The Kid (Hardcover)

The Kid By JEFF SCHILL Cover Image
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Description


The Kid is the quickest draw in the West. Little does anyone know he isn’t real. A fast-paced, cleverly woven, witty middle grade western adventure.

It's 1881 in Destiny, Colorado. Fourteen-year-old Henry Upton’s parents have died, and he’s trying to keep his three younger brothers together on the farm. Henry writes a story about The Kid, the fastest draw in the West, to keep people away from their parts. But his stories will soon put more than his family and the farm at risk.

Meanwhile, Herbert might lose his job as an editor at Gunslinger Magazine in Philadelphia if he can't find out why the author of The Kid stories recently stopped sending them. The soft city slicker is headed out west to find the author.

And Snake-Eye Sam has set his sights on The Kid, whom he thinks is real. Sam has evil in his heart and jealousy in his veins. Breaking out of prison to shoot down The Kid is about the only thing that can cure the itch running down Sam's spine.

Three storylines—plus Gunslinger Magazine‘s The Kid stories—intertwine and come together just as Snake Eye Sam and Herbert both arrive in Destiny. On Main Street at high noon, a master plan is put in place at the same time that Henry and the Destiny sheriff get what they need to keep the Upton brothers together.

Pull up for a tall frothy glass of sarsaparilla and enjoy this engaging and satisfying Western tale, full of quirky characters, snappy dialogue, and heart.

About the Author


Jeff Schill is a debut author who wishes he could drink a glass of frothy sarsaparilla while working on more novels. He’s the vice president of training at the Crisis Prevention Institute. He lives in Wisconsin.

Praise For…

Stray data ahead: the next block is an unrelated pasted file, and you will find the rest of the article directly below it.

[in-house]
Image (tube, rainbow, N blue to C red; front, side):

Four young orphans go to great lengths to keep their family’s farm and stay under the radar in Destiny, Colorado, in 1881.
Fourteen-year-old Henry Upton’s father has died and is buried next to Mama. Now Henry and his three younger brothers are all alone. Determined to keep them all safe and together, he makes a deal with the local sheriff, who agrees to keep quiet until a caretaker can move in and serve as guardian, so the family won’t be split up. Knowing there may be some bad actors who would take advantage of four kids living alone on a prime piece of land, Henry decides to deter them by writing stories about The Kid, a juvenile lawman who can beat even the wickedest of criminals. The stories, which are set in Destiny, are published in Gunslinger Magazine, and The Kid’s reputation takes on legendary status. But the plan to keep villains at bay backfires when Snake-Eye Sam wants to claim his share of the fame by killing The Kid—and he escapes from the Arkansas State Penitentiary to do just that. Despite the brothers’ desperate situation and the high stakes, the humorous, folksy language supports the worldbuilding, which leans into archetypes of the American West. Henry’s The Kid stories are interspersed between chapters that jump around in time and location and can at times be hard to track. Most characters read white.
A swashbuckling adventure. 
Kirkus Reviews

Following his parents’ deaths in 1881, 14-year-old Henry is ready to do whatever it takes to keep him and his younger brothers together on the family farm. Henry strikes a deal with local sheriff Quigley: if Henry can use his writing talents to get rid of outlaws, the sheriff won’t report his parents’ deaths to the state. And so begin the tales of the Kid, whose stories Henry sells to editor Herbert at Gunslinger magazine to keep him and his siblings afloat and evildoers away from his Destiny, Colo., hometown. Soon, the Kid becomes the most legendary gunslinger to ever drink sarsaparilla. His visage graces the cover of every magazine because stories of his adventures make the big bucks. Everything is going according to plan until outlaw Snake-Eye Sam escapes from Arkansas State Penitentiary and vows to kill the Kid to prove that he’s the “fastest gun in the West.” Schill employs the high-octane setting of the Wild West to levy harsh depictions of the realities of Henry’s everyday caring for his brothers. The Kid’s adventures are woven throughout alongside Henry, Herbert, and Snake-Eye Sam’s atmospheric third-person perspectives. Major characters cue as white.